Scotty Bowman had been dropping hints like bread crumbs for anyone willing to follow the trail. In a press conference before Game 3 of the Stanley Cup finals on June 8, Bowman, the 68-year-old Detroit Red Wings coach, said he had made a decision about his future (but refused to elaborate). When the possibility of a labor stoppage in 2004-05 was raised later in the week, he said a lockout would be somebody else's problem. In fact, it was after the Olympic break in February that Bowman decided to retire, but he told only a handful of friends, including New York Yankees manager Joe Torre. On the morning of Game 5, last Thursday, he broke the news to his summertime neighbor in suburban Buffalo, Canadian Broadcasting Company analyst and former coach Harry Neale.
"I'm retiring," Bowman told him. "All the other times I considered it, I thought I knew I was ready. Now I know I know it."
"So what now?" Neale asked.
"Consultant," said Bowman, who has a three-year deal with Detroit as a paid second-guesser. "Now I can go to the games and I don't have to win them."
The Red Wings had to win the 2002 Cup, because they were constructed to do no less. They defeated the dogged but overmatched Carolina Hurricanes, but their third Cup in six years was not so much pursued as it was orchestrated—much like the celebration after the 3-1 clinching win in Game 5. After going wire-to-wire following a 22-3-1-1 start, surviving losses in Games 1 and 2 of the first-round matchup against the Vancouver Canucks and outlasting the defending champion Colorado Avalanche in the superb seven-game Western Conference finals, Detroit staged an on-ice celebration that was much smoother than its power play.
As red and white confetti rained from the rafters of Joe Louis Arena, captain Steve Yzerman, who only moments earlier had been told by Bowman of his imminent departure, accepted the Cup from commissioner Gary Bettman and handed it to his coach. Having donned his skates with 20 seconds left to play, he took one final spin with the 35-pound chalice he had been chasing for 46 NHL seasons. Then, one by one, the players who never had lifted the trophy—goalie Dominik Hasek, 37; sniper Luc Robitaille, 36; and jack-o'-lantern defenseman Steve Duchesne, 36, who had lost six of his front teeth in Game 3—were given their moment in the spotlight with the Cup.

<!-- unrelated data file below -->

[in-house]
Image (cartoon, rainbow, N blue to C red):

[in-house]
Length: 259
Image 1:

Bowman, meanwhile, continued to spread the news. As he hugged general manager Ken Holland at center ice, he said, "This was my last game." For someone who sets the standard for prolixity, the sentence was sweet and succinct. Bowman has been known to ramble: In reply to a question before Game 5 on the common traits of great coaches, he gave a 668-word discourse that contained references to trips to Florida and a journeyman goalie named Cesare Maniago, whose career ended 24 years ago.
The ultimate contrarian, Bowman is the best coach in pro sports history because he's an old-school leader who kept up with the times, an inflexible man who made adjustments in dealing with today's players. Bowman had the right to overshadow the celebration with his retirement announcement because his career has been more memorable than the final series was. Bowman's legacy, which includes nine Cups (breaking the record he shared since 1998 with mentor Toe Blake), is secure—just like the Red Wings' future.
Detroit has surpassed its status as a mere hockey powerhouse and become the pinstriped dynasty of the ice. Like the Horace Clarke days of the Yankees, the franchise had to endure the era of the late 1970s and early '80s, when the untalented, ineptly managed Red Wings were known as the Dead Things. Like the splendidly professional Yankees of recent years, these Red Wings, who play an up-tempo, crowd-pleasing game, are hard to hate. Like the Yankees, the Red Wings spend top dollar to get premium talent. And, finally, like the Yankees, the Red Wings routinely get the players they want, because the club's talent is a siren's call that attracts more talent.
"We are like the Yankees," agrees Brett Hull, the right wing who scored the pivotal goal in Game 3, on a deflection with 74 seconds left in regulation. That tally extended the match into overtime—Detroit then won 3-2—and effectively derailed Carolina. After that goal by Hull, who led playoff scorers with 10, the Hurricanes had only one goal in the remaining 176 minutes and one second of the series. "Year in and year out," says Hull, "this team will be there. They'll always be at the top."